On the congress of the French violin making association ALADFI in 2008, I assisted a conference by Japanese scientist Eiichi Obataya concerning the influences of aging and chemical treatment on resonance wood. Besides the conclusion (which I personally find very assuring) that neither age nor man are capable of improving this fabolous natural matter, this conference discussed the possibilities of altering the least possible the properties of resonance wood by surface treatment.
The solution Mr Obataya proposed is lightyears from traditional violin making – the only examined substance which had acoustical properties pretty much the same as resonance wood was Urushi, a Japanese lacquer which is opaque, hard and rather thick. It can be found i.e. on traditional Japanes table art. Another use: Applied in several layers to paper or fabric, it was used to create the scles of the Samuraï armors !
The varnishes traditionally used in violin making (varnish based on natural rosin, dissolved in fat oils, essential oils or alcohol), althogh being thin and soupple, all damp the vibrations of the resonance wood. On classical violins, this damping certainly contributes to the characteristic sound colour.
As the Neolin is meant to have a different sound colour compared to the classical violin, the idea to try out a varnish with the same properties as the resonance wood was more than tempting !
Pure Urushi is a rosin coming out from a tree native to eastern Asia – this rosin is just filtered, no need of any solvant ! It polimerizes (dries, hardens) in humid air arout 75%. Once dry it becomes virtually indestructible: It’s very resistant to physical wear and damage, and totally resistant to heat, cold, acid, alcohol or any other solvant. Perfect to protect an instrument played on a rock stage !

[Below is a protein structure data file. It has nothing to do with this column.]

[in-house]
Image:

Big disadvantage: Unless having dried completely, raw Urushi is causing violent skin allergies to appr. 80 % of all people. Well I’m lucky, I belong to the 20 other % !
Urushi does come in transparent with a golden brown colour, wiped off, as an extremely thin coating. I did not manage yet to find a filler which completely keeps it from getting into the wood pores. Urushi darkens when drying and thus gives ugly stains in the wood. Applied with a brush, Urushi exists in red and black, colored with pigments. It’s possible to make instrument in these two colours, or in both, as the Neolin on the picture. The finish can be mat, satined or brilliant (a brilliant finish is lots of work !)
Concerning sound, the result is very interesting ! Compared to the standard Neolin, the sound seems to have more high overtones. It looses some of its grain to become clearer. Soon I’ll be able to tell you what exactly happens to the sound on the page “Neolin / Sound analysis”.